Except that remote control aircraft tended to be used ion restricted places (not a lot of fun watching your expensive toy smashing into a building). Drone are being used in a very different way, and some of the suggested ways have safety risks.
Commercial drones like this are bigger and have a longer range than RC aircraft, right?

Besides larger size and range, it seems to me the difference is that the numbers of these things seems to be growing.

If any hobbyist, journalist, or psychopath with $500 to buy a drone can remotely observe/harass/attack anyone they want - anonymously - isn't that a problem?

In theory, I wonder if you could pilot a little commercial drone like this inside the US from any country in the world, over the internet or something. I guess it would required a local "re-transmitter" or whatever it would be called, or could they be controlled by satellite?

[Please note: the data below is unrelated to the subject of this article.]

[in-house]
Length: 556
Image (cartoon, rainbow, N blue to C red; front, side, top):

Certainly, thinking beyond small commercial drones now, if the US military can blow up an al-Quaeda SUV in Yemen, other countries could to that to people in the US, right? Is our Air Force ready for this? They must be thinking of it.
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tesuji wrote:

Certainly, thinking beyond small commercial drones now, if the US military can blow up an al-Quaeda SUV in Yemen, other countries could to that to people in the US, right? Is our Air Force ready for this? They must be thinking of it.

Dan Carlin has an interesting take on this in one of his Hardcore histories (Logical Insanity, I think) where he talked about how the advent of flight affected war (essentially completely altered/expanded the scope of who was a target).